While we know the voting age is 18, there are some places where children do get a say in who they think should be the next president. One of those paces is Nickelodeon’s “Kids Pick the President” mock elections. The children’s network ran the poll from October 20th to 26th under guidelines that allowed one vote to be counted per household, and the winner was … Joe Biden (via Just Jared). The winners were announced both in a TV special that aired earlier this week and on social media. Variety says that of the 90,000 votes cast during the period, Biden had received 53 percent of the Kids Vote, while Donald Trump had 47 percent.
But even these polls didn’t come without some controversy, because Nickelodeon said its election activity was targeted with what it called fraudulent votes. In a statement, the network noted: “Nickelodeon detected cheating on Wednesday, Oct. 21, when threads on online forums began discussing corrupting the Kids Pick the President site with fraudulent votes. Subsequently, more than 130,000 bot-generated votes were detected. Nickelodeon utilized a voter certification tool to identify these votes and to remove them, ensuring that only individually placed votes counted toward the total” (via Vanity Fair).
Nickelodeon has held a presidential kids vote since 1988
Nickelodeon launched the activity in 1988, and since that time, it has accurately predicted the results in all but two races: In 2004, children picked John Kerry over incumbent George W. Bush; and in 2016, they selected Hillary Clinton over Donald Trump. In the past, candidates were also asked to address child-specific issues that include, “Do you care about kids,” “What do you think about wars,” “What are you going to do about poverty,” and “Are you really gonna help the country” (via The Washington Post).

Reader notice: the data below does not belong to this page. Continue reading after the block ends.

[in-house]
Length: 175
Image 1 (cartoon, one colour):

The activity might seem gimmicky, but it is an indicator that shows rising political awareness among first-time, would-be voters. Business Insider recently shed light on a Gen-Z super PAC on TikTok called MemePAC, which is run by a group of politically savvy 17- to 19-year-olds, and which has more than 300,000 followers. “TikTok worked so well for us because it has a huge base of youth and loves comedy — the exact audience our PAC is built upon,” one of the superPAC’s founders, Jackie Ni, says. And fun fact — MemPAC has more followers than The Lincoln Project.
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